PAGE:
Phil’s college friends, a couple with a two-year-old daughter, have been staying with us for the past eight days. Today is day nine. Their departure date was this coming Monday, day twelve. Yes, was. They’ve chosen to leave, to research nearby hotels, and to call to secure a room. Their bags are packed.
“Yeah,” Phil tells me privately, “They’re going to stay in a hotel.”
“They just don’t think the girls are getting along well.”
“So. They’re kids. It’s not like there was pushing or biting or hitting. Or even screaming. Seriously?”
“I just think their daughter doesn’t really know how to play with other kids because she’s not socialized.” Phil didn’t say socialized. I don’t know what he said. I still couldn’t get past “What?!”
They travel often for work, taking their daughter on the road with them. Because they’re on the go so often, their daughter doesn’t have the opportunity to play with other kids around her own age. At least, this is what her father has shared with me.
“So, they’re butting heads. So, what? This is an opportunity for both girls to learn. You don’t just pack up and leave. Seriously?”
“Dale Carnegie, Stephanie.”
“Yesterday, didn’t you tell me that whether or not the other party is completely off-the-wall 100% dead-stupid-wrong, that you just go ahead and let them believe what they want? Think what they want. Let them think that they’re right and to keep your ego out of it?”
“Well, there it is. They think going to a hotel is the answer, so let them believe it.”
Before I play the empathy card and step into their guest slippers, I’ll share the details that stick with me as likely catalytic events to their wanting to vamoose, realizing that the backup singers to this entire gig sing lyrics something like this: take nothing personally.
This is Abigail’s house
These are her toys, that is her doll, her fork, and her pink plate. And guess what? Abigail needs to learn how to share her things, in her house, especially with a “her” two years her junior. Abigail is used to sharing with Lucas and with her friends—and especially doesn’t mind sharing when it feels like it’s her own decision, her good choice to share. But sometimes, she becomes a toy hoarder. I attribute this “those are my babydolls!” to the fact that she’s often coaxed into sharing because it’s the “right” thing to do, even when it doesn’t feel right. We all know how it goes. Tell me to share, and sod it off. But if it’s my good heart that wants to share with you, then we’re all happy.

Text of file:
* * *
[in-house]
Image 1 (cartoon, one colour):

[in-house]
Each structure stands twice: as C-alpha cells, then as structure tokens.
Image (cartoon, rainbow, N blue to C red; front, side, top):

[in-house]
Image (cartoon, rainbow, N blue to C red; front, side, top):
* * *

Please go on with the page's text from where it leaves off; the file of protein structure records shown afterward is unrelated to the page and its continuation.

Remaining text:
She doesn’t particularly have to like it, but she’ll hopefully (eventually) feel good about seeing another child experiencing joy from something Abigail has shared with her. But “eventually” won’t come with the packing of bags. Kids need to learn to work things out as much as adults do. The older child, my Abigail, can benefit from having a curious toddler in the mix. It’s an opportunity to set a good example, modeling good manners, learning how to lead and teach. And in a Montessori world, it would happen after the very first “We share our things because we want other people to share their things with us, too” sit down. But it takes practice. And it takes practice for the Little(r) Miss to learn not to grab, not to take without asking, not to call everything “mine.” But that’s what two year olds do, all of them. And they learn not to do it in time, and with practice. Kids know right from wrong—they need gentle reminders and boundaries—but they’re capable of working it out.
We all want what we want. Know why my children share a room right now? Because, most likely, for the rest of their lives they’ll be sharing a room with someone else. Life is sharing. Ideas, credit, tears, laughter, possessions, space, and fudge. Both girls have an extraordinary opportunity to learn and grow, but it doesn’t come with “get up and go.” That said…
Nine days is a long time to stay with anyone, even your best friend.
I actually don’t believe this, unless a mother-in-law is involved. If you’re out and about doing your own thing, apart from your hosts, having your own private dinners now and then, eight days a week is nothing (but a harmonious Beatles song).
So long as there’s alcohol, I actually think day fourteen marks the official See Ya! Threshold, especially in this house, where “the guest quarters” are far removed from the family bedrooms upstairs. And it’s cheaper to stay with friends than it is to stay at the cheapest of shoddy hotels. Also, I’m pretty sure we have less semen on the coverlet.
Their leaving reminds me of the film The Family Stone with Diane Keaton and Sarah Jessica Parker, where uptight SJP throws a passive-aggressive hissy fit by booking herself a room at a nearby inn in lieu of staying at the home of her boyfriend. Eventually, SJP returns and becomes part of the family, not by departing, but by throwing herself into the mix (literally, mixed on the floor with her strata, egg on her face – so to speak, tangled in a slippery laughing mess with her boyfriend’s mother and sister). The point being, this right here is what life is about, struggling through it, working it out. Staying. There’s no lesson learned when you’re pulling yourself away from life and all its conflict. I actually think you’re doing your child a disservice by removing her from the situation altogether.
And as much as I can chant “take nothing personally,” perhaps the couple is pulling a Dale Carnegie on me, neglecting to mention some thing or the other and instead “taking the blame” by claiming “terrible two’s” when in fact they’re thinking, “terrible you!”
What do you think? I could use an objective point of view or two.